What causes a low milk supply?
Most often low milk supply results from not draining the breasts effectively. This may happen if:
- You are separated from your baby during the first week after delivery–for example, if your baby is sick and you are not able to nurse or pump.
- Your baby doesnâ€™t nurse often enough, suck well, or empty your breasts well.
- You regularly use infant formula supplement, which causes your baby to nurse less often.
- Your baby sleeps though the night (6 or more hours) without nursing.
- You have health problems after delivery, such as high blood pressure, anemia, or an infection.
- You are under a lot of stress or go on a weight-loss diet.
- You go back to work, which may decrease how often you can nurse or empty your breasts.
- You have very sore nipples or blocked milk ducts.
- You have had previous breast surgery, especially around your areola (the dark area around your nipple).
In general, the longer your milk supply has been low, the longer it will take to make more milk. In some cases, you may not be able to increase a very low milk supply to levels that will be enough for your baby to grow and gain weight.
How can I increase my milk supply?
Most women can make plenty of milk if their breasts are regularly and effectively drained by breast-feeding or breast pumping. The more milk you remove from your breasts, the more milk you will make. If your milk supply is low, there is a good chance you can increase it by stimulating and emptying your breasts more effectively.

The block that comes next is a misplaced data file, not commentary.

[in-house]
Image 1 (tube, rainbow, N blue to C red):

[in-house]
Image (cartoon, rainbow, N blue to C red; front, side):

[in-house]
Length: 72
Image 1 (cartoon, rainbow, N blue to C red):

- Try to nurse your baby more often.
If your baby is sleepy, undress your baby to wake him up. Try switching breasts every 5 minutes.
During feedings, support your breast with your thumb above and four fingers below. If your baby is sleepy or stops sucking when the flow of milk slows down, squeeze your breast firmly, but gently, to squirt some milk into your baby’s mouth. You do not need to squeeze constantly. Just squeeze and release, and then squeeze and release again. This can help your baby get more milk from your breasts.
- Pump your breasts.
Use an electric breast pump to remove extra milk after feedings. Try to pump right after you nurse your baby. Use breast massage and hand expression during and after pumping to increase the amount of milk removed. You can go for up to 5 hours without pumping at night, but aim for 8 pumping sessions every 24 hours.
Record the amount of milk you pump each time. The totals for each day will help you see how much your milk supply is increasing.
Using an electric breast pump to stimulate and empty your breasts is especially important if your baby needs extra feedings of pumped milk. Babies getting extra feedings may nurse less often, and some who are fed with a bottle will nurse less effectively.
To find where you can rent a pump, contact your healthcare provider or lactation consultant.
- Take care of your health.
Drink plenty of liquids each day and eat healthy meals, plus healthy snacks. Try to get extra rest. Try not to get discouraged. Get help and support from friends and family.
If you have a medical problem, such as high blood pressure, anemia, or an infection, your milk supply may increase as your health improves.
How do I give my baby extra feedings?
If your baby is very underweight, your healthcare provider may advise giving extra breast milk or infant formula. Your baby may need extra feedings until you have a better milk supply. Your baby will probably nurse better once he reaches a healthy weight.
Developed by RelayHealth.
This content is reviewed periodically and is subject to change as new health information becomes available. The information is intended to inform and educate and is not a replacement for medical evaluation, advice, diagnosis or treatment by a healthcare professional.
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